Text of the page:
I explained to him, "Steve, close your eyes or they will hit you."

They hit me and say to me, "Shut up. Don't talk English."

PENHAUL: Before working as a fixer, Abobaker said he'd spent a few months fighting in the ranks of the rebel Tawhid Brigade, a moderate

Islamist faction. Shortly after they were snatched, Abu Baker says the gunmen took him to a textile factory on the outskirts of Aleppo.

ABOBAKER: Took us to -- up to a floor inside building, and put everybody in the room alone. After that, I hear one, he told Steve, he

said to him, "Give me your password." Just -- he say to him, "Password." And Steve gave him the password for telephone, for laptop, I don't know.

And after that, I didn't hear the voice of Steve.

PENHAUL: Abobaker, his brother, and cousins, were held for 15 days. He did not see or hear any American or British jihadis.

ABOBAKER: "Do you know who is us?"

I tell them, "I think you are ISIS, Islamic State and Iraq and Sham."

He said, "Yes, you are in Islamic State of Iraq and Sham. Should we kill you because you are a spy, you work with America? With CIA and FBI?

We believe you now because you have these papers, you can go now. But if we hear you are working with journalists again, we will kill you for sure."

PENHAUL: Abobaker said he'd worked safely with scores of other international journalists before Sotloff's abduction. Reporters who knew

him and were consulted by CNN say he was trustworthy. He believes a border guard may have tipped off ISIS.

After he was freed, he says he was never interviewed by any US officials or investigators.

ABOBAKER: No, from the government of American, didn't anyone -- any officer, they didn't contact me and ask me about that, anything about how

were you kidnapped or tried to take any information about my kidnappers or Steve.

PENHAUL: The rebel fighter-turned-fixer learned of Sotloff's execution from the video ISIS posted online September 2nd.

ABOBAKER: You don't have to send any message to the killer. The killer is a killer. But I send message to the world to say it's not really

Islam. They are liars. And I say that to everybody. To all the people. I say they are not Muslims. Don't care about him. They are the enemy.

PENHAUL: Karl Penhaul, CNN, London.


ANDERSON: Live from London, you're watching CONNECT THE WORLD with me, Becky Anderson. Just ahead, we're going to bring you the latest poll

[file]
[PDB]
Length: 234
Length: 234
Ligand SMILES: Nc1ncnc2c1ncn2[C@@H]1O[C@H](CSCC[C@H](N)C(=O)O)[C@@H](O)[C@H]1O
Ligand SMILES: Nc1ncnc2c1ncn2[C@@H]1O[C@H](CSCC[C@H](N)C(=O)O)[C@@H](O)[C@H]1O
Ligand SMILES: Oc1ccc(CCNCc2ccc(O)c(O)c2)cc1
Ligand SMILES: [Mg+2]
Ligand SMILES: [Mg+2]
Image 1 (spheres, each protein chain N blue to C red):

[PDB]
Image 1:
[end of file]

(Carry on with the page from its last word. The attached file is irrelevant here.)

numbers ahead of Thursday's Scottish independence vote, and I'm going to show you how social media has played a huge campaign in both the "yes" and

"no" campaigns themselves.


ANDERSON: With just hours to go before polls open for the Scottish independence referendum, opinion polls show that the race is still too

close to call. Both camps in the final hours of campaigning trying to sway the undecided voters.

Phil Black joins me now from Downing Street. I know you're with Robin Oakley, there. Your sense from this side of the border as to the concerns,

the atmosphere? What's the story here?

PHIL BLACK, CNN INTERNATIONAL CORRESPONDENT: Well, I think the British government in recent days has tried to play down the degree of fear

or panic that others have accused it of feeling, but perhaps not very convincingly.

Today, the British prime minister admitted that he is nervous. He says like all people who love the United Kingdom, but I think it is fair to

suggest that he is feeling a lot nervous than others because he stands to possibly become Friday morning the prime minister that lost a big part of

that United Kingdom.

Now, of course, that wasn't his plan. Two years ago when he agreed to this referendum, he sought to put this issue to bed once and for all. But

he set the rules, he insisted on a single question, in or out, yes, no, agree to the terms and so forth.

It hasn't really worked out that way. And the opinion polls today are much closer than I think he would have wanted, those two years ago when he

agreed to all of this.

But to discuss all of this, yes, I am joined -- we'd like to bring in now our political contributor, Robin Oakley. Robin, those opinion polls

just 4 percent apart. What must the emotion be like on the other side of Number 10?

ROBIN OAKLEY, CNN POLITICAL CONTRIBUTOR: Well, it is a mood of blind panic in many ways in Number 10 at the moment, Phil. I hear talk of

gallows humor. And certainly, what Mr. Cameron and his colleagues will be hoping at the moment is you often get in referendums like this a bit of a

swing back towards the status quo at the very last minute.

In Quebec, 1995, the independence supporters thought they had it in the bag, and in the end, a margin of about four points in the polls were

swung around on election day and Quebec didn't vote for independence. David Cameron will be desperately hoping the same happens here.